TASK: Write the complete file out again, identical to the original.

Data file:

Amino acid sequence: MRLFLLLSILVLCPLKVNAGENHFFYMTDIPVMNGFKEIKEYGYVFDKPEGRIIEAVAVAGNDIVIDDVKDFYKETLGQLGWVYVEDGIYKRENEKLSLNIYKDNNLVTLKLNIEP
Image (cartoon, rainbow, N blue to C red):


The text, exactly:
Amino acid sequence: MRLFLLLSILVLCPLKVNAGENHFFYMTDIPVMNGFKEIKEYGYVFDKPEGRIIEAVAVAGNDIVIDDVKDFYKETLGQLGWVYVEDGIYKRENEKLSLNIYKDNNLVTLKLNIEP
Image (cartoon, rainbow, N blue to C red):